f Allow an unresponsive worm a period of 10-20 minutes without stimulation. Stimulate it again; if the response has recovered, continue as in step d. If recovery does not take place, allow a longer rest period.
g If possible, repeat the test procedures on subsequent days with the same individuals, returning them to a suitable holding tank in between tests.
The effect of dual stimulation on responsiveness
h The contact of the worm’s body with the walls of its burrow is a source of stimulation that operates when specific stimuli are applied. Repeat the procedure as in step d above, using a worm whose body wall is in contact with the rough surface. As much as possible of the body wall should be touching the surface. Stimulate as before, recording the responses until the worm ceases to respond.
i If there is time, vary the light intensity to see if this modifies the worm’s responsiveness.
A knowledge of the reflex arc involved in the earthworm’s escape response is desirable but not essential.
The response to a particular stimulus can wane as a consequence of the presentation of the stimulus. A waning of responsiveness usually has some degree of specificity to the stimulus used, and is therefore unlikely to be due to muscular fatigue. A recovery of responsiveness may indicate that more than one process underlies waning.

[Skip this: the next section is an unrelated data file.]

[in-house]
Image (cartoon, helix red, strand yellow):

Earthworms respond to a single stimulus with a single, rapid withdrawal of the part stimulated. This is often called the ‘escape response’, reflecting the likely survival value of the reflex. With repeated stimulation, the response diminishes in magnitude and eventually disappears. A group of worms may show a wide variation in the rate of waning, particularly when the stimulus strength is difficult to control.
The response should reappear when another part of the worm is stimulated – provided that the point of stimulation is sufficiently far from the first point of stimulation. Neighbouring segments, however, may also be affected by the waning and may not produce a response when stimulated. The recovery of responsiveness immediately after stimulation in a new place shows that waning is not due to muscular fatigue. If waning is shown to affect neighbouring segments, then sensory adaptation can also be ruled out. Waning appears to be a property of the nervous system.